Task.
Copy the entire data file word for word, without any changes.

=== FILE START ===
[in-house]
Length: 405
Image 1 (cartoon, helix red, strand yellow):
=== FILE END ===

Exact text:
[in-house]
Length: 405
Image 1 (cartoon, helix red, strand yellow):